If i could use NAT on my PPTP interface of Monowall it will solve my problem because the PPTP client
will send packets to
192.168.1.1 and Monowall will forward them to 192.168.0.2.
It is why i want to enable NAT on my PPTP interface.
Is it possible with monowall ? it is an important feature i think.
Bye and thanks.
Honnor and Glory to unix users.
De : Dave Warren [mailto:maillist at devilsplayground dot net]
Envoyé : mercredi 11 août 2004 23:05
À : Fournaux Nicolas; m0n0wall at lists dot m0n0 dot ch
Objet : Re: [m0n0wall] Is a NAT on PPTP interface a taboo subject ?
Fournaux Nicolas wrote:
>Is a NAT on PPTP interface a taboo subject ?
>It is strange that i m the only people who gets the problem.
>If your LAN is on 192.168.0.0/24 and if the LAN of the PPTP client is also on 192.168.0.0/24 (and
this case if not rare) how can pptp client send packet to the remote LAN ?
>The workstation will sent all packets to his LAN interface and not to VPN :(
>Cya and thanks for any help.
>Sorry for this reply from myself :)
Your only real option is to change the subnets on one or the other
side. IP was built with the assumption that *every* host has a unique
IP and there are no provisions for cases where multiple machines are
attempting to share IP space.
In Windows it MIGHT be possible to do this using route table entries, try
Assuming your "real" IP is 192.168.0.1 VPN IP you're assigned is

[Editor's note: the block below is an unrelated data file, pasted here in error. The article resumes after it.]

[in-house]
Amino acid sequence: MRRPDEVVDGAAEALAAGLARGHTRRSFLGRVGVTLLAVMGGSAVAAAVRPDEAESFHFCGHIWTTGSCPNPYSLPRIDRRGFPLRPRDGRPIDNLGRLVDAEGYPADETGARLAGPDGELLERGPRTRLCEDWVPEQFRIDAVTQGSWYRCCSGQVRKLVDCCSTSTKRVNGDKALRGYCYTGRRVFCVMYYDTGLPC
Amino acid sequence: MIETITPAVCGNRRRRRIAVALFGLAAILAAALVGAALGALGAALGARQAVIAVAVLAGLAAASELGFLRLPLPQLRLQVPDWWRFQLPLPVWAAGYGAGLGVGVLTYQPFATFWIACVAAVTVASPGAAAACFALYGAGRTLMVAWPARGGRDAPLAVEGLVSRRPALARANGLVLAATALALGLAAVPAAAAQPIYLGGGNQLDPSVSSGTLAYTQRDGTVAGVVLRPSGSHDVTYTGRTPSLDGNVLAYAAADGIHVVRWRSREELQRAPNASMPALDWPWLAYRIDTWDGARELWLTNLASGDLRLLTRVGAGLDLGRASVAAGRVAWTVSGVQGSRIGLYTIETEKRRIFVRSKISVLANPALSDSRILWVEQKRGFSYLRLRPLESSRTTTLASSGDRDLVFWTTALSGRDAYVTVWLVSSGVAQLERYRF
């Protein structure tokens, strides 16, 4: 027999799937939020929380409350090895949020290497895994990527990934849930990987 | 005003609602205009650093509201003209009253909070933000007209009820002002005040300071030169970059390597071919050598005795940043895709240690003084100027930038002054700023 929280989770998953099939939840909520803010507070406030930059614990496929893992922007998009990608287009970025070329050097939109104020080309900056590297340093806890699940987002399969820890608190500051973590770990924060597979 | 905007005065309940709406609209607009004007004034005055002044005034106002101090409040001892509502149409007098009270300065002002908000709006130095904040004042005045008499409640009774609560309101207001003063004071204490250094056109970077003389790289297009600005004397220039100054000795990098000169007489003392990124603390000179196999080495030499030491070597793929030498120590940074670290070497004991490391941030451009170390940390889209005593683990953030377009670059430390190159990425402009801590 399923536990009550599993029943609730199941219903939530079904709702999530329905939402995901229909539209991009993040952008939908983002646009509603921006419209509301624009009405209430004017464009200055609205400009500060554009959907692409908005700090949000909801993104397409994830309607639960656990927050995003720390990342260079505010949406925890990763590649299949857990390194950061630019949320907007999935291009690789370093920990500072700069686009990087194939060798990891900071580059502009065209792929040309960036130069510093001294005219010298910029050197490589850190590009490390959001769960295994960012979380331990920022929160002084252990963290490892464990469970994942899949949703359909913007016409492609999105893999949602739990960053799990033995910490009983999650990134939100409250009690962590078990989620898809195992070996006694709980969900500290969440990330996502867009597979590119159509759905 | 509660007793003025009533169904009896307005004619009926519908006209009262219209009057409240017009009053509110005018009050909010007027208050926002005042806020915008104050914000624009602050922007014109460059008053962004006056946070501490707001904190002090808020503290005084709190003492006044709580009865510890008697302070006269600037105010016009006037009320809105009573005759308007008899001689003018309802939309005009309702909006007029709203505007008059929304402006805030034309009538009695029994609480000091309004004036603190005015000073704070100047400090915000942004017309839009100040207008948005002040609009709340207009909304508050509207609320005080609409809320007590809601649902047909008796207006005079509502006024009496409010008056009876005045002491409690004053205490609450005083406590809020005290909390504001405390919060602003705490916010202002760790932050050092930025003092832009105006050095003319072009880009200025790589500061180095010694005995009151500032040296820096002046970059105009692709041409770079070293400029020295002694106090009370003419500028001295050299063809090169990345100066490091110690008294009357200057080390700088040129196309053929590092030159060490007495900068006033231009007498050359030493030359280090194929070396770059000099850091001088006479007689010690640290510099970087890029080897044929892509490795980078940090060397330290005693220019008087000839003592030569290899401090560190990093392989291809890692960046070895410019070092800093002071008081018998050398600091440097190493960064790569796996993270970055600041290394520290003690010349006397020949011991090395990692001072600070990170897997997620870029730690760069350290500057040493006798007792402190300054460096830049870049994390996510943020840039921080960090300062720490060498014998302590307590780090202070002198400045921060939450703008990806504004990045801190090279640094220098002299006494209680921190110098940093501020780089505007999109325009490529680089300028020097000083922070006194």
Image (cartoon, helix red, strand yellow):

192.168.0.2, if you want to communicate with host 192.168.0.10 on the
VPN, try the following command:
route add 192.168.0.10 192.168.0.2
(Yes, this is routing a packet to yourself -- It tends to work though,
in Windows anyway)
In general IP renumbering (especially of a home LAN) isn't usually too
painful, especially when compared to dealing with similar IP blocks --
For most home LANs you just change the IP on their router and reboot all
the IPs and you're done.
I'd recommend picking something relatively unique, 10/8 is good for this
because the IP space is so huge (compared to 192.168/16), but you'll run
into some networks that use subnet masks of 10/8 just because they can.
Chances of colliding networks at 10.251.88/24 (or something equally
random) is significantly lower then the often-used 192.168.0/8 ro
Just sit through this NRA meeting Marge, and if you still
don't think guns are great then we'll argue some more.